Re: Ontogeny and phylogeny
A Letter from Richard Bassetti
From: "Richard Bassetti" email@example.com
Subject: Ontogeny and phylogeny
Date: Mon, 30 Nov 1998 14:26:53 -0500
Published: Mon, 7 Dec 1998
More on Haeckel's Dictum
Haeckel's quote,"Ontogeny recapitulates phylogeny," is in my opinion, more than the mere assertion of "a rather broad relationship between individual
development and species evolution" (your comment in response to a request for the source of Haeckel's dictum).
Scientists, and especially evolutionists, are detectives. It is rare indeed for the detective to be present during the commission of a crime. Oftentimes, the crime has been committed long before the arrival
of the detective. The job of the detective is to accumulate as much
evidence as he can in order to create a picture of the crime and how it may
have happened. The smart criminal does not leave behind an explanation of how things were done. The detective accumulates
clues, follows some leads to dead ends and others that go on
and on. Sometimes, though, the correct path is found and an arrest is made and the crime is solved.
The evolutionist is a detective who arrives on the scene a very long
time after the events of interest have occurred. There are no witnesses, no answers
written, just clues.
There is the fossil record in the rocks from which it is possible to establish the chronological sequence of life-forms from the pre-Cambrian era to the present day. There are likenesses in form and anatomy among succeeding and contemporaneous organisms that suggest evolutionary divergence or convergence. There are DNA sequence comparisons that reveal in great detail similarities and divergences in the genetic make-up of organisms.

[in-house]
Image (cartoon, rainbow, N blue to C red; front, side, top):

Other clues include the embryological ones that Haeckel referred to. Fish, reptiles and mammals look very different in their adult forms. During early development, however, there are many similarities. By studying embryonic development, one easily sees what Haeckel's rather short but
to the point quote is stating.
We agree with the writer concerning the importance of comparative embryology in evolutionary studies. The skepticism of our earlier comment on Haeckel's dictum reflected the doubts raised about the validity of Haeckel's particular claims, some of which, it is now believed, were fraudulent. For example, Dr. Michael K. Richardson, of the Department of Anatomy and Developmental Biology, St. Georges Hospital Medical School, in London, England stated in a letter to Science Magazine (1) that:
- Haeckel's drawings of 1874 (2) are substantially fabricated. In support of this view, I note that his oldest "fish" image is made up of bits and pieces from different animals--some of them mythical. It is not unreasonable to characterize this as "faking." Latter editions of Haeckel's drawings were somewhat more accurate, and showed significant variations among embryos of different species. Sadly, it is the discredited 1874 drawing that are used in so many British and American biology textbooks today.
Thus, Haeckel's statement that ontogeny recapitulates phylogeny should not be taken too literally; although as Richard Bassetti is correct to note, it draws attention to an important source of evidence about evolutionary history.
(1) Michael K. Richardson. 1998. Haeckel's embryos continued. Science 281:1289.
(2) E. Haeckel. 1874. Anthropogenie. Engelmann, Leipzig.
Your comment on this item is invited and should be addressed to: firstname.lastname@example.org. For further information on submitting a contribution to naturalSCIENCE, please see the Author Guide